Maggs Bros, Bedford Square, London, 6th October 2022Ed Maggs and his staff very kindly hosted the third of our launches for Fifty Forgotten Books. Maggs Bros is one of the oldest and most prestigious bookshops in London, and also the most welcoming. (Rosalie and I both saw Ed Maggs last in Haworth for the handover of the tiny Charlotte Bronte Book of Ryhmes—a really magical occasion.) The Maggs stock is beautifully curated and eclectic, and wandering into their shop is like entering Ed’s front room or private office.
It was good to see a number of old friends, customers and family for the evening. As part of my talk I read the chapter from Fifty Forgotten Books on Roland Topor’s The Tenant, a book that has always been close to my heart. As with my intention in York to read a few pages relating to The Grimoire Bookshop, at the last minute fate stepped in to alter the story—this time in a positive manner.
My chapter on The Tenant ends:
I have never seen the first edition of the English
translation of The Tenant in any bookshop. They only seem to
exist online, where they are horribly expensive. When Millipede Press published a limited-edition hardback edition in 2006 I received a copy
as a gift from the publisher, and have kept it, but I couldn’t part with my
Bantam paperback with stills from the film reproduced on the cover. I have
since written an Introduction to the Valancourt Press edition, which means I
have three copies. If I ever find a first edition that I could afford, that
would mean I’d have four. It remains an ambition!
Just before the evening event at Maggs Bros, Rosalie and I happened to be walking past Jarndyce Books in Museum Street and there, in the centre of their window display, was a copy of the first British edition of The Tenant. Of course I had to buy it, although it ruined the last line of the reading!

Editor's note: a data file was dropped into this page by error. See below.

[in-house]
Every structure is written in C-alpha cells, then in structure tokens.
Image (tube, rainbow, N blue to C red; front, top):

The Maggs evening went very well, even though I disparaged Frederick Rolfe’s prose, which provoked some heckling, not least from Ed Maggs himself.
A highlight of the evening for me was Ed sharing a letter from a small Machen archive that dates from the author’s Amersham years. In it, Machen explained to a correspondent how to get to Amersham, and explores the difference between "Saturdays only" and "Saturdays excepted":
“this is, probably, a metaphysical statement . . . the Tables, you observe, get what Coleridge called “the Idea” rather than the fact . . . So again, certain buses start from “the Crescent, Amersham”. There is no Crescent in Amersham, nor anything like a Crescent - that is in the phenomemal world. But I make no doubt that there is a super-sensible or noumenal Crescent. A solemn thought.”
Fifty Forgotten Books can still be ordered here: https://www.andotherstories.org/fifty-forgotten-books/